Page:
Meme Morality

When I checked in with family and friends on Facebook Stories a few days ago, I saw a beautiful sunset in Hawaii, a message about racism at the border of Ukraine and Poland, and an image of a golf resort in England set to relaxing music. It struck me that these three messages encapsulated the ongoing mixture of experiences of all my Facebook friends.

Image from Boyce Duprey via Flickr

We all care about the war in Ukraine and we all try to express our concern, but we have our regular lives going on, too. We are all slicing our selves, and our moral standpoints, into many parts.

Recently, I posted this humorous image that was intended to draw attention to our dismay at rising gasoline prices. I thought it might raise a smile or two, resonate with some folks, and/or draw attention to the frustration of it all. Subsequently on my message feed were some memes indicating that it was inappropriate to worry about gas prices when we should be more concerned about the war in Ukraine.

It’s the “should” that bugs me. I resent being scolded by the implication that I should feel a certain way about Ukraine, or gasoline prices, or anything, really.

Currently there are a lot of things for us to care about, and support for Ukraine is certainly at the top of the list. But I can care about Ukraine and feel frustrated by rising gasoline prices, and at the same time be depressed by Alberta’s endless winter while celebrating my friends’ vacations. I want to be able to express all those things. It doesn’t mean that I feel they all matter equally in global or moral contexts. It just means I’m experiencing all those things at once.

Should any of us enjoy a vacation when people are dying? Of course we should. It would be hard to find a time when there is not war somewhere in the world, and impossible to find a time when there are no people dying.

Similarly, I can be frustrated by rising gasoline prices and, at the same time, be wiling to endure them knowing that this is a minor issue compared to the suffering of the people in Ukraine.

Most of us cannot do anything to affect, directly and personally, any major changes in the world. The only thing we can do is to indicate how much we care about particular issues. We cannot stop our lives, quit our jobs, ignore our responsibilities, and shift all our energies into the war in Ukraine. One or two people might be able to do that, but most of us have to care but then carry on with the day-to-day.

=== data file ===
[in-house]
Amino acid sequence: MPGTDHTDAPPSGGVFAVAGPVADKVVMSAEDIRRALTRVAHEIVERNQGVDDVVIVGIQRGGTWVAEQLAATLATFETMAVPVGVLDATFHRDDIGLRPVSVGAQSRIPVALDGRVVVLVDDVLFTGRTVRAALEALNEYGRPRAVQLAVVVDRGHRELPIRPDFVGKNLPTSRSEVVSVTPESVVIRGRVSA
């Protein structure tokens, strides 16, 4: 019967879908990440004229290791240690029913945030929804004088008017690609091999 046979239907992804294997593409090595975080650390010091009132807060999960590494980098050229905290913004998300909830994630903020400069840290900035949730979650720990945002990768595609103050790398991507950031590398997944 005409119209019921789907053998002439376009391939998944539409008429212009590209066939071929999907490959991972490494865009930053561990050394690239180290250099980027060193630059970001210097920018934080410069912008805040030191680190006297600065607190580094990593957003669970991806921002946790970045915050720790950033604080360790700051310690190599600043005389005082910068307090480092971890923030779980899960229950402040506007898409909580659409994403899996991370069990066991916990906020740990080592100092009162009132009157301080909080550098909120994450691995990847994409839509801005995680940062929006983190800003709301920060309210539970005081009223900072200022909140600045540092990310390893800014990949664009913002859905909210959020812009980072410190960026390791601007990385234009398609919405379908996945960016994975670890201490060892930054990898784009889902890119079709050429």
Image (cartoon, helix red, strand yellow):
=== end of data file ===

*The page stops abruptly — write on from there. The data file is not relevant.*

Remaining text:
Carrying on means caring about multiple things and multiple people in multiple places in multiple ways. It’s confusing and emotionally exhausting, but it’s not a bad thing to be affected by a variety of unrelated concerns all at the same time.


  1. Totally agree, Anne. Such criticism arises from a basic logical fallacy: because I care about this, I don’t care about that. This fallacy also drives dinner of the idiocy I’ve read in comments about the truck convoy: if you are for vaccine mandates, you support a primer minister who wore black face in his youth. In other words, if you support the mandates, you are a racist. I think there are a couple of logical fallacies there, in fact.

  2. Completely agree and I LOVED your arm & leg gas price meme. It did bring a smile to my face and guess what? Crazy as it may sound, I actually still care about the folks in Ukraine. The whole thing speaks to a bigger problem of division and if you’re not this you must be that. It’s the “unfriend me if you disagree” culture as if we cannot have different points of view, find ourselves in middle ground of a debate or have deep conversations without alienating a friend. I realize this isn’t your point exactly, but I believe the gas price meme has people, (some anyway) feeling the need to put you on a side when there really isn’t a side to be on. I don’t think even the Russian people are for what’s happening to Ukraine, the rest of us understand the gas price increase, and that it won’t help Putin if we say “Dang the gas prices are high!” even if we say it in a pretty fun way. We’re in some pretty curious times.

    • This polarizing of viewpoints is very troubling. I recently read an article in the Washington Post showing how the two US parties have lost moderate legislators since 1994. (How To Read This Chart by Philip Bump) Even though it was about politicians in the US it is also true of Canada and the UK. The absence of influential people in the middle ground makes it easier for the general public to adopt an Us V Them attitude. The idea that I should unfriend someone if I disagree with them is not only offensive, it makes dialogue impossible.

    • Haha. You are probably right. It used to be done with a raised eyebrow or disapproving “hurumph,” but social media gave those small expressions amplification far beyond just a brief personal exchange.

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